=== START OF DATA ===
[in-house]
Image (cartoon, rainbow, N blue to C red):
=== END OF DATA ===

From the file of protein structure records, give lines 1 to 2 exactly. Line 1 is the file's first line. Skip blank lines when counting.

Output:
[in-house]
Image (cartoon, rainbow, N blue to C red):